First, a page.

Bisphosphonates are used with increasing frequency in the management of skeletal complications in patients with breast cancer. In this paper, we have investigated whether bisphosphonates, besides their known beneficial effects on tumor-associated osteoclastic resorption, are capable of inhibiting breast cancer cell adhesion to bone matrix. For that we used two in vitro models for bone matrix (cortical bone slices and cryostat sections of trabecular bone from neonatal mouse tails). Four bone matrix-bound nitrogen-containing bisphosphonates (pamidronate, olpadronate, alendronate, and ibandronate) inhibited adhesion and spreading of breast cancer cells to bone dose-dependently, whereas etidronate and clodronate had little or no effect. Strikingly, the relative order of potency of the bisphosphonates in inhibiting the adhesion of cancer cells to cortical and trabecular bone corresponded to their relative antiresorptive potencies in vivo as well as their ranking in in vitro bone resorption assays with predictive value for their clinical efficacy. It appears that nitrogen-containing bisphosphonates alter selectively the adhesive properties of the extracellular bone matrix preventing the attachment of breast cancer cells to it. Besides the beneficial effects of bisphosphonates on tumor-induced osteoclastic resorption, the previously unrecognized effect presented in this paper makes these agents suitable for earlier pharmacologic intervention in patients with breast cancer at risk of developing bone metastases.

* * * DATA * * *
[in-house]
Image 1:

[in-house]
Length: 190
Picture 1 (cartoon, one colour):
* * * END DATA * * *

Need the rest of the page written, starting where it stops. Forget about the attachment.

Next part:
G van der Pluijm, H Vloedgraven, E van Beek, L van der Wee-Pals, C Löwik, S Papapoulos